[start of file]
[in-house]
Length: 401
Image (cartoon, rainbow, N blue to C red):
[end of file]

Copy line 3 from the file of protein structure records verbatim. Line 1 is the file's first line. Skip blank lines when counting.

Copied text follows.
Image (cartoon, rainbow, N blue to C red):